When we think of weddings, the thoughts that come to mind are “beautiful”, “romantic”, “everlasting”, “togetherness”. What you wouldn’t associate weddings with are “heartbroken”, “disastrous”, “rejected”, or “let down”.
That is what happened today during our trip to Cancun.
Hubby and I were sitting by the beautiful sandy beach, watching the staff at the resort setting up for a wedding by the ocean. We looked at each other and beamed, remembering our 20th anniversary dinner in Jamaica paid by our daughter and her husband as a special gift. We were so full of love and gratitude for one another. A very special moment in our lives.
We imagined this new couple starting a new life together, wishing them years of happiness and togetherness. We smiled.
Then a few hours later, we noticed the staff were taking down the decorations and putting things away. What just happened? As hubby took a “walk”, he asked the personnel what had happened. It appeared the bride changed her mind and didn’t show up.
I was sad that the nuptials had been cancelled in this manner as I would have enjoyed seeing the wedding from afar.
Yet I’m also glad to know that if this bride-to-be was so unsure of her commitment with who would have been her husband, it was better off to cancel before the “I Do” than to go through the pain and agony of “The Divorce.”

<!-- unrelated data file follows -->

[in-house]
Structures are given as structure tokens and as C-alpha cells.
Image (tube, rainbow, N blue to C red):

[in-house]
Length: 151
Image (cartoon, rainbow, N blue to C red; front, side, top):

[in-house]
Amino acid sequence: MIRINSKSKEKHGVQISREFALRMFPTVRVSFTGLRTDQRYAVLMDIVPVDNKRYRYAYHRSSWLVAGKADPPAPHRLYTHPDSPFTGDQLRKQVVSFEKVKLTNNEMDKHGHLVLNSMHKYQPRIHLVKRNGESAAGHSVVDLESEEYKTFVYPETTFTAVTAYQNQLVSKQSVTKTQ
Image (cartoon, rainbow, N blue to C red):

We all enjoy love stories and happy endings, but the reality is that there is no perfect life and relationship. Hubby and I are enjoying 25 years of sharing our lives together. Not every one of those years were great. Some of those years were the most challenging in my life.
What kept us together was the certainty that we were committed to each other and our strongest desire to do what it takes to make our relationship work. Is this the secret to long and fulfilled relationships? Maybe. For us, it is and we continually work on our relationship, keeping our communication open, investing time in each other and ourselves, as well as planning for our future together.
A marriage may start with a commitment and a wedding day, but that is only the beginning. I am sure that family and friends of this now split up couple are heart-broken, angry and upset, but probably not as much as they would have been had they divorced later, when they might have had children and/or a home to divide.
It is always better to say no before the ceremony than to go through a wedding that is not meant to be.
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